The shower was, in a word, Magnificent. Throngs of people! Magazine-worthy decorating! Designer cupcakes! The mother-to-be and her husband are expecting identical twin girls. They will adopt them just as soon as they are born. Matching baby quilts in The Chosen Colors. Matching twin carseats. I'm not particularly close to this new mother--just a casual acquaintance. I knew several of the women there. People are so kind and friendly and tolerant of me. I started to feel that same feeling, "You're a stranger here." I knew enough people to chat and visit and say hi. I can make small talk with anyone. However, once again, I felt like an outcast.

HOLD ON! Am I turning into a fifth grade drama queen? Am I whining about not having any friends? Scary, isn't it?

So, I hung around. I made the rounds. I told myself to remember that I fully understand I will never be a mother here on Earth and to get a grip. I kept thinking, "If I'm not going to learn all the 'normal' things that most women learn by being mothers, what else, or how else, will I learn??" You know, I wouldn't suggest asking yourself questions like that. So then I settled on this: I am honestly and truly happy for people that get to/got to have children. I don't mind going to Church on Mother's Day at all. God has blessed me with some kind of amazing Peace so that most of the time, I'm pretty okay with His Plan. There. That's better.

It was time to leave the shower. I thought I should say something to the Guest of Honor. I asked her about the framed sonogram. We made a little small talk. I had a real smile on my face--no kidding. I was totally fine again. And then this amazing thing happened. She threw her arms around me and whispered something in my ear to let me know she understood. She was aware of me. We both became slightly teary-eyed and I said, "It's okay. I went to the temple this morning and was reminded of The Blessings." And just like that, I didn't feel like such a stranger any longer. Who knew that the Mother-to-Be would be The One to help the Mother-to-Never-Be? Amazing.

I went home. It was so sunny outside, but I felt exhausted. I hadn't read the newspaper yet, so I crawled into bed with the front page in my hands and didn't know another thing until four hours had passed. I guess I was pretty tired. When I woke up, I felt bad about not making it back to my classroom on my day off (so much to do!). And then I remembered The Ranger would be home in TWO HOURS and that thought alone motivated me to get moving! I hustled. I bustled. I tidied up. I made chili. I kissed him like I missed him when he walked through the door. And how I missed him! I miss him every second.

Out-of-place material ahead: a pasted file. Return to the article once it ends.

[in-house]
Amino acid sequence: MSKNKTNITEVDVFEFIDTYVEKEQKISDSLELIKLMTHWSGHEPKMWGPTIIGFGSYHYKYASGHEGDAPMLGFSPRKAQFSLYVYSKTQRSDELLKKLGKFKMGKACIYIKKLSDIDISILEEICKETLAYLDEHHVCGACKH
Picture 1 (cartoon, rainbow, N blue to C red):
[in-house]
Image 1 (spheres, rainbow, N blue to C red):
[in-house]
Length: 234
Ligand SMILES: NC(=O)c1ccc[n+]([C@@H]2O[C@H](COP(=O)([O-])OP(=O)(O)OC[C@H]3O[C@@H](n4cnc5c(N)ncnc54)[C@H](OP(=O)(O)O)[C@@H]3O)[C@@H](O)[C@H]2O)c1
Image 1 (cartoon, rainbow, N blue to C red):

Sunday morning was perfect. I was assigned to teach the lesson in Relief Society entitled, "Something Better." Now doesn't that have a ring to it? I put my finishing touches on it and tuned in to Music and the Spoken Word. The Ranger woke up and we talked for awhile. I took off for Church early to set up for my lesson. The Ranger walked over a bit later. I was assigned to attend a different meeting during Sunday School, so I actually didn't see The Ranger (or get to sit next to him) until Sacrament Meeting. Guess who decided to bear his testimony? A pleasant surprise. Love him.

After church, we made pizza. I created chicken alfredo on homemade crust with spinach, mushrooms, and tomato. The Ranger favored Pillsbury with traditional red sauce, lots of meat, along with a few vegetables he actually eats: mushroom, green pepper, and black olive. We taste-tested one another's pizza, but in the end, we each voted for our own. When he tucked me in that night, he thanked me for a really great day. I'm pretty sure he loves me, but all I would have to do is leave a box of Velveeta out on the counter for him to get all gushy and start talking about a great day.

Today is Monday. I got up early and went to school. I taught like crazy and said goodbye to my students feeling like I hadn't accomplished nearly enough. Our team made a presentation to the School Community Council to show them what we are doing to be the best we can be. It went late. I raced out the door and called The Ranger to find out our rendezvous spot this week. I was told to head East on I-80, etc., etc. We had a lovely dinner together, talked in my car for awhile, and kissed goodbye again.

And that, My Friends, was My Super Bowl Weekend. I suppose someone played football at some point, but I was busy with other things.

Guess I'll end with dessert!